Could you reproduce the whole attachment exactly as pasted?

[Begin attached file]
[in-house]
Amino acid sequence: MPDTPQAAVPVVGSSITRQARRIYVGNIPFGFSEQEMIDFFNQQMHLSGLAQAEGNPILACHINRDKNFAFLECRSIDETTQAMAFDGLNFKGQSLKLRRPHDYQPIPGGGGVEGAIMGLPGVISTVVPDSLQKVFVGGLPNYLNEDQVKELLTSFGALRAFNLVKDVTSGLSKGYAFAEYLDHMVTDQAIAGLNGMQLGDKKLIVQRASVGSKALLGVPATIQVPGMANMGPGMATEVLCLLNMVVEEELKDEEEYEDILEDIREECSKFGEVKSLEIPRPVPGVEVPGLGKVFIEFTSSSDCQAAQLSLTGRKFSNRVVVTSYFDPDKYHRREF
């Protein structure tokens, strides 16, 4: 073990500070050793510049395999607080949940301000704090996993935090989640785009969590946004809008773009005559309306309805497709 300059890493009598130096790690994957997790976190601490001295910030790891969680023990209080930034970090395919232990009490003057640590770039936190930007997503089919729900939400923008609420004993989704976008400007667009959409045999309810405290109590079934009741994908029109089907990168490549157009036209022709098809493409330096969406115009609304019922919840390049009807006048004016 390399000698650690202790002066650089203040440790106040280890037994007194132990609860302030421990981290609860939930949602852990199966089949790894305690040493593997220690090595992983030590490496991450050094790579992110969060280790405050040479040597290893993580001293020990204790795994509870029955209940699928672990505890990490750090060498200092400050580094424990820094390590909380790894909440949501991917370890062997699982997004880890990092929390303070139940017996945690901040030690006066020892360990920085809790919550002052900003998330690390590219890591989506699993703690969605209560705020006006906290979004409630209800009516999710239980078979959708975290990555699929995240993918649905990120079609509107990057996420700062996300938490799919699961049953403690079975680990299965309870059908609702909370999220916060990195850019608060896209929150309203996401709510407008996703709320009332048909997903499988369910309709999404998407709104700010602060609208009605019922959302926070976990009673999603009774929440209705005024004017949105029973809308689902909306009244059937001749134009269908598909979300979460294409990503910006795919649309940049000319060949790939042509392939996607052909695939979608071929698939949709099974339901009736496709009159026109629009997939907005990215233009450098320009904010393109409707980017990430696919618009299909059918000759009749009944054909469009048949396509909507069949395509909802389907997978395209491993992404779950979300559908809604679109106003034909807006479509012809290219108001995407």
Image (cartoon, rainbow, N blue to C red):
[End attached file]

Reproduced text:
[in-house]
Amino acid sequence: MPDTPQAAVPVVGSSITRQARRIYVGNIPFGFSEQEMIDFFNQQMHLSGLAQAEGNPILACHINRDKNFAFLECRSIDETTQAMAFDGLNFKGQSLKLRRPHDYQPIPGGGGVEGAIMGLPGVISTVVPDSLQKVFVGGLPNYLNEDQVKELLTSFGALRAFNLVKDVTSGLSKGYAFAEYLDHMVTDQAIAGLNGMQLGDKKLIVQRASVGSKALLGVPATIQVPGMANMGPGMATEVLCLLNMVVEEELKDEEEYEDILEDIREECSKFGEVKSLEIPRPVPGVEVPGLGKVFIEFTSSSDCQAAQLSLTGRKFSNRVVVTSYFDPDKYHRREF
């Protein structure tokens, strides 16, 4: 073990500070050793510049395999607080949940301000704090996993935090989640785009969590946004809008773009005559309306309805497709 300059890493009598130096790690994957997790976190601490001295910030790891969680023990209080930034970090395919232990009490003057640590770039936190930007997503089919729900939400923008609420004993989704976008400007667009959409045999309810405290109590079934009741994908029109089907990168490549157009036209022709098809493409330096969406115009609304019922919840390049009807006048004016 390399000698650690202790002066650089203040440790106040280890037994007194132990609860302030421990981290609860939930949602852990199966089949790894305690040493593997220690090595992983030590490496991450050094790579992110969060280790405050040479040597290893993580001293020990204790795994509870029955209940699928672990505890990490750090060498200092400050580094424990820094390590909380790894909440949501991917370890062997699982997004880890990092929390303070139940017996945690901040030690006066020892360990920085809790919550002052900003998330690390590219890591989506699993703690969605209560705020006006906290979004409630209800009516999710239980078979959708975290990555699929995240993918649905990120079609509107990057996420700062996300938490799919699961049953403690079975680990299965309870059908609702909370999220916060990195850019608060896209929150309203996401709510407008996703709320009332048909997903499988369910309709999404998407709104700010602060609208009605019922959302926070976990009673999603009774929440209705005024004017949105029973809308689902909306009244059937001749134009269908598909979300979460294409990503910006795919649309940049000319060949790939042509392939996607052909695939979608071929698939949709099974339901009736496709009159026109629009997939907005990215233009450098320009904010393109409707980017990430696919618009299909059918000759009749009944054909469009048949396509909507069949395509909802389907997978395209491993992404779950979300559908809604679109106003034909807006479509012809290219108001995407």
Image (cartoon, rainbow, N blue to C red):